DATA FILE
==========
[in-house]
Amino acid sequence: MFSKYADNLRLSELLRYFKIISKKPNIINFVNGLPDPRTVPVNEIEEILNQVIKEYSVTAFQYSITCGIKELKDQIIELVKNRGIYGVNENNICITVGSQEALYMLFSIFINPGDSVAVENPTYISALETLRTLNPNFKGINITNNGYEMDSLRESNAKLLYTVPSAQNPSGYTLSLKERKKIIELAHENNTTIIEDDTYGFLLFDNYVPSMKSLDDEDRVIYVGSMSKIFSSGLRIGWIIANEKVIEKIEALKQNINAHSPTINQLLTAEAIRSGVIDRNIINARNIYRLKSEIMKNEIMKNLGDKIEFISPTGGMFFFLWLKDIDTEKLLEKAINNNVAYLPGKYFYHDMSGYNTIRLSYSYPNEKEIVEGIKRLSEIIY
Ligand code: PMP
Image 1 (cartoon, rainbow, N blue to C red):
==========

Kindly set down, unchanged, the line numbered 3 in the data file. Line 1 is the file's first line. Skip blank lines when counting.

Ligand code: PMP